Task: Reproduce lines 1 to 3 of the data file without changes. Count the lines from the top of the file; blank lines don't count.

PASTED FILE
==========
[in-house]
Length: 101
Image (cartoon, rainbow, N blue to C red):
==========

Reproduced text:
[in-house]
Length: 101
Image (cartoon, rainbow, N blue to C red):